And this is why Americans don’t play soccer.

No seriously.

Back when those English guys were arguing about kicking or carrying the ball, Americans were busy killing each other in the Civil War. Once the dust settled and Americans found the time for recreation, the every-man game had already been established as baseball. There was some horse racing and boxing mixed in there too but respectable folks looked on those things the same way backstreet drag racing and MMA are viewed today.

There were of course those who weren’t the “every-man” or were the sort of men who wore collared shirts, and ties, and once those men were done with the war they went home to places like New York, New Haven, and Boston. They themselves were too genteel for any sort of game, kicking or otherwise (except perhaps rowing) but their sons having just gotten their blood all boiling with war and whatnot, were a bit more restless. These boys finding themselves confined in the classrooms of Harvard, Princeton, and Yale made an effort to find a way to expend energy, without lowering their status. They looked to the elites in England for ideas. Oxford and Cambridge were at that time favoring rugby football over the kicking style, and consequentially Princeton challenged Rutgers to a game of football using the rugby rules rather than the “association” rulebook in 1869. The game stuck- and spread. So while England was off influencing the sporting life of all sorts of people all over the world, football players at Yale and Harvard were influencing American kids in South Bend, College Park, and Chicago. Which is one half of the reason Americans don’t compete well in Soccer today.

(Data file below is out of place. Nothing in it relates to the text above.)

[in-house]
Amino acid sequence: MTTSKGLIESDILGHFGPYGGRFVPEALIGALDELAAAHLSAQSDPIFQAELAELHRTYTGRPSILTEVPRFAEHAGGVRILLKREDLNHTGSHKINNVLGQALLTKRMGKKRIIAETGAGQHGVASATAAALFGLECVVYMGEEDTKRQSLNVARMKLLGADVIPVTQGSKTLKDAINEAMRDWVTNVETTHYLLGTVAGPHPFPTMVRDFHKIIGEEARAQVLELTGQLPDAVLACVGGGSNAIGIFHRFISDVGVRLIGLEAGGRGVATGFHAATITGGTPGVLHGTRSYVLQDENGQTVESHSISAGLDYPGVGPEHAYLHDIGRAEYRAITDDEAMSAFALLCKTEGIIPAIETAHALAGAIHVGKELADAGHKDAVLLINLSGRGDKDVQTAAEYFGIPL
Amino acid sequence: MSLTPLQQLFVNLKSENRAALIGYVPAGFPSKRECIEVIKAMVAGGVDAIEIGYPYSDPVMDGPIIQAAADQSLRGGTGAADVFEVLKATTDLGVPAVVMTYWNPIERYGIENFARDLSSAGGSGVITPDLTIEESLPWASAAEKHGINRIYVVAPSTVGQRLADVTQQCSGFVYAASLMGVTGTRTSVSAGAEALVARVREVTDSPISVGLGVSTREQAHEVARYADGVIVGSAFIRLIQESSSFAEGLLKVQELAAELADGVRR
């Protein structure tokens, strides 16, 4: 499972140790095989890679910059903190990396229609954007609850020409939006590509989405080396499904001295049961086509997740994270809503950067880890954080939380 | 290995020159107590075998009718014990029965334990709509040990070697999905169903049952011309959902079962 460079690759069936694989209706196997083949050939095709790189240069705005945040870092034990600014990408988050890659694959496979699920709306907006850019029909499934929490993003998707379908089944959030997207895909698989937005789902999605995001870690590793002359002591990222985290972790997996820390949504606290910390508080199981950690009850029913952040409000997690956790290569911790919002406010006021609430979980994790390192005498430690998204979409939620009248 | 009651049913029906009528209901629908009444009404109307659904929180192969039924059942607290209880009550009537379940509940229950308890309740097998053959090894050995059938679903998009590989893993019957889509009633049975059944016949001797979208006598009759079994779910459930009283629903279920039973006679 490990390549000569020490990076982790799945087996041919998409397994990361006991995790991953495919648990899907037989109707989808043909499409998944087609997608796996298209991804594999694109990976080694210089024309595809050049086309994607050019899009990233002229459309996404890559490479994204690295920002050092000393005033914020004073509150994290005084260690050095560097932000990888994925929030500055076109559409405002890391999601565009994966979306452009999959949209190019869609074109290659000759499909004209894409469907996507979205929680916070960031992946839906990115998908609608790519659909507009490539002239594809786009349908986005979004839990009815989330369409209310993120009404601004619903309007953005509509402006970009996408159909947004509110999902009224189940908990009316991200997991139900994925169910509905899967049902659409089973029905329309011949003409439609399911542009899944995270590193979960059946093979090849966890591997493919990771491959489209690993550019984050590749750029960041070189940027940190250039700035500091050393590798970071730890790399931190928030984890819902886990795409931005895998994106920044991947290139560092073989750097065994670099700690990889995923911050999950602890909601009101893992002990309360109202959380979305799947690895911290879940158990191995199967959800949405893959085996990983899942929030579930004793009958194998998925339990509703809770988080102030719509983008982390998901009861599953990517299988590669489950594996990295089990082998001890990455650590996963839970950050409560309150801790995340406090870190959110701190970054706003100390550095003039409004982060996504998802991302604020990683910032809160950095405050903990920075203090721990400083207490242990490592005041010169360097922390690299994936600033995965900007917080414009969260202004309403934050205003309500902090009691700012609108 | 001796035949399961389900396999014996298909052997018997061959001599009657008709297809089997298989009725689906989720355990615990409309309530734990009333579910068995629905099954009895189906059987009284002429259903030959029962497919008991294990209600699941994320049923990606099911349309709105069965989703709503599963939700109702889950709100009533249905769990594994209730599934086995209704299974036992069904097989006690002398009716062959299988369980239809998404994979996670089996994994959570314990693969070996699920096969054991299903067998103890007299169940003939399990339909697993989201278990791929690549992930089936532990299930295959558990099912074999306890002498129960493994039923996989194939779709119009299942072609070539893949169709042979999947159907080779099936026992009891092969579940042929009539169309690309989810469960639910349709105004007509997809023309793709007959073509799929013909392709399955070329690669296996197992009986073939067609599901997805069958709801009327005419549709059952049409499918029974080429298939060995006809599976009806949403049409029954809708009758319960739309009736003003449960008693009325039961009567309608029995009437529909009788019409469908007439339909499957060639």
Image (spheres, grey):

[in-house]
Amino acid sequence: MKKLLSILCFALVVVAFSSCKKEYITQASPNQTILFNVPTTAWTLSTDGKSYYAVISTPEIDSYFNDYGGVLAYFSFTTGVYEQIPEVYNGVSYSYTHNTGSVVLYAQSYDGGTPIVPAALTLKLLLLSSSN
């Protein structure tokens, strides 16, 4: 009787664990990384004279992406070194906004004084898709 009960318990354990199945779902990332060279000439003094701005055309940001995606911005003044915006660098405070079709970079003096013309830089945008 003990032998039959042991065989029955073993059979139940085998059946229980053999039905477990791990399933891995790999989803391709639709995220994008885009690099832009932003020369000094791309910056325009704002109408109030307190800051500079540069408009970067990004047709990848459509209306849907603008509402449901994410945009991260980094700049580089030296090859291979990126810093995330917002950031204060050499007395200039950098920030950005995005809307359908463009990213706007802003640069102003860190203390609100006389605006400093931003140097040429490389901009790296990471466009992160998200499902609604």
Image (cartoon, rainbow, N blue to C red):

The other half is money.

Back when all of this was happening, sports were just games, not business empires. This isn’t to say money wasn’t involved, but the idea was that sports, or leisure, was for people who already had money, thereby allowing them to spend their time running around kicking balls when others might be tilling fields or toiling in factories. An English gentleman would have, and there are some who still do, turn up their noses at the idea of playing a sport for money. On the other hand, an Englishman who isn’t gentle will absolutely invest money in order to beat someone who thinks themselves superior. Americans as a whole were never truly gentlemen in the first place, so in both places, England and America, around the same time, 1870-ish, “poor” people started paying people to play for their teams. Americans played baseball and organized a professional baseball league in 1871. English people played association football and organized, or legalized, professional soccer in 1885. So now the world had two very different games being played professionally by working class folks on 2 different continents. This professionalism was for the most part, in both places, rather colloquial with money being mostly limited to whatever some local deep pocket was willing to pay in order to beat the next town over. And here it was that the sporting world split in two, North America, and everywhere else.